Electrical service - 240v line

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If I wanted to have a dedicated 240v outlet installed, who would do that, the electric company or an independent electrician? Would they have to wire it special from the street, or is there already a line at my circuit box that's 240v? How much would it cost? thanks.
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wire
You'd call a regular electrician. You have 240V capability at your service entrance (e.g. breaker box) -- they just need to run a line from there to wherever you want the outlet.
Cost will vary depending on distance from the box and difficulty in running the line.
-Tim
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jeffc wrote:

There should be 240v into your electrical panel and meter. A contractor will be the one to call. The cost depends upon the difficulty of the installation and upon the contractor's rates. You can expect anywhere from $100 to $500, depending upon several factors. Ask around for references. Usually you get what you pay for.
hvacrmedic
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I hear dat. I did some contracting for awhile (not electrical). I showed up on time, sober, and did what I said I was gonna do. They thought I was the mac daddy contractor of all time.
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All you need to do is to buy a 240V breaker for the main breaker box and wire it to your outlet receptacle. You can do that yourself. Read up the wiring instructions from DIY home wiring book or ask the hardware store salesman. Install an incompatible 240 type receptacle so that someone won't make the dangerous mistake of plugging in a regular 115V device and start a fire. I presume you know the usual precautions about work safety when doing your own electrical installations.
I have a feeling you have a 240V appliance from a 240V system country that is too pricey to throw out. If it is only a single 240 consumer appliance that doesn't draw too much power its a lot easier just to buy a 115V to 240V step up transformer from the sewing machine dealer which has a ready to use unit complete with plug and socket connections.
One easy alternative way to get a dedicated outlet is to modify the duplex outlet already in your kitchen. Duplex outlets in Canadian or US kitchens are normaly wired to separate 115V breakers for the upper and the lower outlet. The reasoning is that often these outlets are overloaded with one too many kitchen gadgets like a toaster, coffee pot, egg beater, etc. so that popping a breaker is not uncommon. Having a separate circuit for the upper and the lower outlet means that when one outlet is popped the other one can still be used (assuming the wife and the kids are not knowledgeable about resetting the breaker.)
Okay, the way to get 240V out of this is to connect the hot wire of the upper outlet to your 240 outlet live wire screw. Then connect the live wire of your lower outlet to the neutral of the 240 outlet screw. Tape off/snip off the neutral wires of the original duplex receptacle so that there is no bare wire to cause a short. The ground wire stays connected to ground. Be sure you use a 240V type outlet that is incompatible with your regular 115 V plugs.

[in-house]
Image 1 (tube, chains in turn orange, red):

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A person that does not even know who does that work is not qualified to do it.

Or they have a large AC, or they want to use a welder, or the want to put in a dryer or electric range. All common US appliances.
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On Fri, 01 Jul 2005 10:21:30 GMT, in alt.home.repair RE: Re:
wrote:

Good advice.
--
To reply to me directly, remove the CLUTTER from my email address.


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PaPaPeng wrote:

I have a feeling that anyone who does not know who to call is not going to be qualified to DIY even with a book.

If that is true, they may also have an issue with 50 vs 60 cycle.
....
--
Joseph Meehan

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Ya gotta start somewhere gents. In fact I've learned to do many DIY things, and have even gone on to do them professionally. However, since I'm having this addition built by a builder, I won't bother to learn more than I need to know to make sure the job is done right.
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jeffc wrote:

Jeff, this was in no way intended as a lack of respect for you.
It was intended to indicate that "All you need to do is.." may not be sufficient instructions for someone who may not understand enough to fill in the parts that were not listed. Handling electricity and wiring can be dangerous, if not done right. Even if it is done in a way that would logically seem safe, it might not be according to code and if the next person working on it does not know that, they could be injured making an assumption (which of course they should never do).